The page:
Onboarding a new employee should be about more than just obligatory paperwork. Your onboarding process should also inform your new employee of your company’s people, culture and values. After all it is the first real impression you will give them as a company, so don’t make the mistake of making it all about requirements.
In this blog, I outline what you need in an employee onboarding pack and what you should consider adding to create a more personal and informative employee onboarding experience that is sure to make a good first impression.
These are mandatory or highly encouraged forms that most companies will be required to include in their onboarding packs, though of course the exact forms may vary from region to region.
The most important document to include in an employee onboarding pack is their employment contract. An employment contract outlines the new employee’s responsibilities within their new role and puts into writing their remuneration offer.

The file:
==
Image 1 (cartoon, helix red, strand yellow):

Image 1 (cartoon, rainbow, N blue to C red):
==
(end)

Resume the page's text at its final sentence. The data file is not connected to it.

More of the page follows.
The most efficient way to send out these contracts is using an auto-generating onboarding PDF . These documents use merge tags to pre-populate themselves with the relevant and accurate information you gathered during recruitment.
A must for any onboarding pack is your country’s tax form/s. These forms vary from country to country and even state to state, so be careful to include all your necessary form/s.
This form is a must for any Australian company as it is where employees can declare their tax file number (TFN). Employees need to declare their TFN so the Australian Taxation Office (ATO) can determine the amount of tax that should be withheld based on the employee’s income.
If this form is not given to a new employee, they cannot declare their TFN, and as a result, their tax will be withheld at the highest marginal tax rate – no one wants that.
Similarly, the W-4 form is a must for any US company to include in their onboarding pack. This form is used to determine how much of an employee’s pay should be withheld each pay for federal income taxes and sent to the Internal Revenue Service (IRS). This form helps ensure that your employee will be paying a suitable amount of tax throughout the year – so that come tax time, they won’t owe a large sum or realise they have been overpaying throughout the year.